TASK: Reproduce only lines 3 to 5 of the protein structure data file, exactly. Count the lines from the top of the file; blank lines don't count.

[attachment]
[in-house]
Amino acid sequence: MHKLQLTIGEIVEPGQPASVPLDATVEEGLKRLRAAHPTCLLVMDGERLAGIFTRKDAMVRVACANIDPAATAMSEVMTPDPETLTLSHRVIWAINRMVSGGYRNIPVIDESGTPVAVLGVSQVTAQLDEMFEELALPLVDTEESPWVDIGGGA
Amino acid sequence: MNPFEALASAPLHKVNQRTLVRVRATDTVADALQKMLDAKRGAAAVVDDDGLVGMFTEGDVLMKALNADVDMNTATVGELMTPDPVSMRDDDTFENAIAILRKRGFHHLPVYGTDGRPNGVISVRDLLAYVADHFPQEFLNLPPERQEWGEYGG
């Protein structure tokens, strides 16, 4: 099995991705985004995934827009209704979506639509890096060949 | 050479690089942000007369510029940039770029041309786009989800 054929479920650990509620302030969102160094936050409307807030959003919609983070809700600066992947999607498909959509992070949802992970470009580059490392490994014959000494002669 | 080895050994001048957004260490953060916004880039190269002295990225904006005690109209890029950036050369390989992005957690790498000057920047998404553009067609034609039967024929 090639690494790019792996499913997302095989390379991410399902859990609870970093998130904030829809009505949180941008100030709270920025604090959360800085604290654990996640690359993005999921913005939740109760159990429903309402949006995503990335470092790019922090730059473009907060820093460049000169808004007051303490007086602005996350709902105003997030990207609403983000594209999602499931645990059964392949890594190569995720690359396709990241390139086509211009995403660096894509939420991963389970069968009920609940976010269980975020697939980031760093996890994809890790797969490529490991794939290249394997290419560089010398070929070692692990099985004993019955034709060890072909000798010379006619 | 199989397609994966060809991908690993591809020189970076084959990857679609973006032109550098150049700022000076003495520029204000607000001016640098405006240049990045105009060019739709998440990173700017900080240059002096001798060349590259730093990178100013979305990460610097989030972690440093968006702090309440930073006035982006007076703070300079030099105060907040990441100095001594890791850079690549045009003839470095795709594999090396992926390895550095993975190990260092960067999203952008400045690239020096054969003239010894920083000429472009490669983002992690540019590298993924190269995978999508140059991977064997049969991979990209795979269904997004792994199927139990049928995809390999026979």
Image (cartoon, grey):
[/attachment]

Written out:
Amino acid sequence: MNPFEALASAPLHKVNQRTLVRVRATDTVADALQKMLDAKRGAAAVVDDDGLVGMFTEGDVLMKALNADVDMNTATVGELMTPDPVSMRDDDTFENAIAILRKRGFHHLPVYGTDGRPNGVISVRDLLAYVADHFPQEFLNLPPERQEWGEYGG
């Protein structure tokens, strides 16, 4: 099995991705985004995934827009209704979506639509890096060949 | 050479690089942000007369510029940039770029041309786009989800 054929479920650990509620302030969102160094936050409307807030959003919609983070809700600066992947999607498909959509992070949802992970470009580059490392490994014959000494002669 | 080895050994001048957004260490953060916004880039190269002295990225904006005690109209890029950036050369390989992005957690790498000057920047998404553009067609034609039967024929 090639690494790019792996499913997302095989390379991410399902859990609870970093998130904030829809009505949180941008100030709270920025604090959360800085604290654990996640690359993005999921913005939740109760159990429903309402949006995503990335470092790019922090730059473009907060820093460049000169808004007051303490007086602005996350709902105003997030990207609403983000594209999602499931645990059964392949890594190569995720690359396709990241390139086509211009995403660096894509939420991963389970069968009920609940976010269980975020697939980031760093996890994809890790797969490529490991794939290249394997290419560089010398070929070692692990099985004993019955034709060890072909000798010379006619 | 199989397609994966060809991908690993591809020189970076084959990857679609973006032109550098150049700022000076003495520029204000607000001016640098405006240049990045105009060019739709998440990173700017900080240059002096001798060349590259730093990178100013979305990460610097989030972690440093968006702090309440930073006035982006007076703070300079030099105060907040990441100095001594890791850079690549045009003839470095795709594999090396992926390895550095993975190990260092960067999203952008400045690239020096054969003239010894920083000429472009490669983002992690540019590298993924190269995978999508140059991977064997049969991979990209795979269904997004792994199927139990049928995809390999026979």
Image (cartoon, grey):